Astronomers close in on the mystery of the erupting Orion star system (video)

Astronomers have puzzled for 88 years about how a pair of binary stars have continued to erupt over the course of a century, but it seems the mystery has finally been solved.

The double star system FU Orionis (FU Ori), located around 1,500 light-years from Earth in the constellation of Orion, first stunned astronomers in 1936 when it suddenly increased in brightness by around 1,000 times. This type of explosive brightening was expected from old dying stars, but the stars of FU Ori are just an estimated 2 million years old, mere infants in cosmic terms and compared to our middle-aged 4.6 billion-year-old star, the sun.

Now, a team of researchers has used the Atacama Large Millimeter/submillimeter Array (ALMA), a cluster of 66 radio telescopes located in Northern Chile, to determine why and how this happens.

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Artist's impression of the large-scale view of FU~Ori. The image shows the outflows produced by the interaction between strong stellar winds powered by the outburst and the remnant envelope from which the star formed. The stellar wind drives a strong shock into the envelope, and the CO gas swept up by the shock is what the new ALMA revealed. (Image credit: NSF/NRAO/S. Dagnello)

The discovery of FU Ori's outburst led to the classification of an entirely new type of star, FUor stars, which brighten suddenly and then fade over the course of many years. Scientists have found this explosive brightening is the result of FUors stealing energy from their surroundings via the same process that helps stars and planets form: The gravitational accretion of material

"FU Ori has been devouring material for almost 100 years to keep its eruption going. We have finally found an answer to how these young outbursting stars replenish their mass," Antonio Hales, team leader and scientist with the National Radio Astronomy Observatory (NRAO) said in (videoa statement. "For the first time, we have direct observational evidence of the material fueling the eruptions.

"We have been studying FU Orionis since ALMA's first observations in 2012. It's fascinating to finally have answers."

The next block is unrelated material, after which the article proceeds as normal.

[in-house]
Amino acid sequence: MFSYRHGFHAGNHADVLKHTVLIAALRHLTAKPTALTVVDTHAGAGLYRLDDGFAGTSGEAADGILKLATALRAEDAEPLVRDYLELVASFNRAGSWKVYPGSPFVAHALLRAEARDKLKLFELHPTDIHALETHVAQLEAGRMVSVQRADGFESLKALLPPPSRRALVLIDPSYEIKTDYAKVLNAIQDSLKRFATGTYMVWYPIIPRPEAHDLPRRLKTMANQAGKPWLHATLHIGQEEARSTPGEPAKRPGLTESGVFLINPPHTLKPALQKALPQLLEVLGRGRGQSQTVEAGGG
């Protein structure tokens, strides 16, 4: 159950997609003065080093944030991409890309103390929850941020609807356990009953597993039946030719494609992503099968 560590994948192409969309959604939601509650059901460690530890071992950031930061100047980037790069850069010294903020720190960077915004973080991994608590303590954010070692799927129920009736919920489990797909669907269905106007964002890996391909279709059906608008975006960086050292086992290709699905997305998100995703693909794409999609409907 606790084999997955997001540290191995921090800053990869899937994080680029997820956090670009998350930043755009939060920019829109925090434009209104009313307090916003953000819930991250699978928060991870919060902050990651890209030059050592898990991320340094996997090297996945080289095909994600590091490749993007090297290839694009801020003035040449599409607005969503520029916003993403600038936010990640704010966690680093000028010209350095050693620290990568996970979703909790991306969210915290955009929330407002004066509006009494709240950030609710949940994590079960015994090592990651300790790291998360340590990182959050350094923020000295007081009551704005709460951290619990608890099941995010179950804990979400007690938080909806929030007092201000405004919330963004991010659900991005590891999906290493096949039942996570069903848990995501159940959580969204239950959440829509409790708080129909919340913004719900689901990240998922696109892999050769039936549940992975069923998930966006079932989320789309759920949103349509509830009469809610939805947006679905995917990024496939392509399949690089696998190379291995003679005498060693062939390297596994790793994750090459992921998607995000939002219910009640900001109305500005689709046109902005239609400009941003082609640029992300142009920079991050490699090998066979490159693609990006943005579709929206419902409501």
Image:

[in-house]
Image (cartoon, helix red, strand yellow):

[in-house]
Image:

The team's "smoking gun" is a tendril of material, mostly carbon monoxide, that is falling on the stars FU Ori. While this thin stream of gas is currently feeding the stars, it isn't substantial enough to account for 100 years of eruptions and brightening from this system. 

Thus, the team theorizes that what they see today with ALMA is the remnants of a much larger supply of matter that once fell into this young star system. 

"It is possible that the interaction with a bigger stream of gas in the past caused the system to become unstable and trigger the brightness increase," Hales continued. 

An illustration of the FU Ori binary system and the newly discovered accretion streamer showing the newly discovered streamer constantly feeding mass from the envelope into the binary system. (Image credit: NSF/NRAO/S. Dagnello)

To see different emissions from this star system and to detect mass flowing into it the team observed FU Ori with several different configurations of the 66 positionable radio antennas in the Atacama Desert that comprise ALMA. They also used numerical models to simulate the flow of gas to these erupting infant stars. 

"We compared the shape and speed of the observed structure to that expected from a trail of infalling gas, and the numbers made sense," said team member Aashish Gupta, a Ph.D. candidate at European Southern Observatory (ESO) who devised how to model the stream of matter feeding FU Ori.

In addition to spotting the tendril of matter flowing into FU Ori, the team also saw an outflow of slowing-moving carbon monoxide passing from FU Ori. This gas doesn't seem to be associated with a recent outburst from the system. 

The outflow seems to resemble other outflows that have been associated with protostars, infant stars that haven't yet gathered enough mass from their surroundings to trigger the nuclear fusion of hydrogen to helium in their cores, the process that defines a main sequence star.

"By understanding how these peculiar FUor stars are made, we're confirming what we know about how different stars and planets form. We believe that all stars undergo outburst events," Hales concluded. "These outbursts are important because they affect the chemical composition of the accretion discs around nascent stars and the planets they eventually form."

The team's research is published on Monday (April 29) in the Astrophysical Journal.

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Robert Lea
Senior Writer

Robert Lea is a science journalist in the U.K. whose articles have been published in Physics World, New Scientist, Astronomy Magazine, All About Space, Newsweek and ZME Science. He also writes about science communication for Elsevier and the European Journal of Physics. Rob holds a bachelor of science degree in physics and astronomy from the U.K.’s Open University. Follow him on Twitter @sciencef1rst.